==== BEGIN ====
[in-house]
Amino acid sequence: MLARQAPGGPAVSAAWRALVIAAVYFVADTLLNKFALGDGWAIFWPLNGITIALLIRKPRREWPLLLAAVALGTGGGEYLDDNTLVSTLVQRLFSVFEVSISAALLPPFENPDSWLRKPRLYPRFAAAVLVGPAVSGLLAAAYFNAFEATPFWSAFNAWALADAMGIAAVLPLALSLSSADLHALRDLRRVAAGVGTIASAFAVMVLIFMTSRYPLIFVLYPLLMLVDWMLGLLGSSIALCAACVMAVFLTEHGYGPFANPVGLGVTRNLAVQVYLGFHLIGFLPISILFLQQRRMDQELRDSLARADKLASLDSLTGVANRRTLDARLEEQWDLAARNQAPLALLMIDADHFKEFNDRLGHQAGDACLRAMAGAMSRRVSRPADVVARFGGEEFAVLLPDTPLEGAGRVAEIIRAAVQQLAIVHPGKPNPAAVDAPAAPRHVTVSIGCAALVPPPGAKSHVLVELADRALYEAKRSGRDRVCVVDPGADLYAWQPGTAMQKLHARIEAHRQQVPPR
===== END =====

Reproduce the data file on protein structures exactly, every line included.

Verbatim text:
[in-house]
Amino acid sequence: MLARQAPGGPAVSAAWRALVIAAVYFVADTLLNKFALGDGWAIFWPLNGITIALLIRKPRREWPLLLAAVALGTGGGEYLDDNTLVSTLVQRLFSVFEVSISAALLPPFENPDSWLRKPRLYPRFAAAVLVGPAVSGLLAAAYFNAFEATPFWSAFNAWALADAMGIAAVLPLALSLSSADLHALRDLRRVAAGVGTIASAFAVMVLIFMTSRYPLIFVLYPLLMLVDWMLGLLGSSIALCAACVMAVFLTEHGYGPFANPVGLGVTRNLAVQVYLGFHLIGFLPISILFLQQRRMDQELRDSLARADKLASLDSLTGVANRRTLDARLEEQWDLAARNQAPLALLMIDADHFKEFNDRLGHQAGDACLRAMAGAMSRRVSRPADVVARFGGEEFAVLLPDTPLEGAGRVAEIIRAAVQQLAIVHPGKPNPAAVDAPAAPRHVTVSIGCAALVPPPGAKSHVLVELADRALYEAKRSGRDRVCVVDPGADLYAWQPGTAMQKLHARIEAHRQQVPPR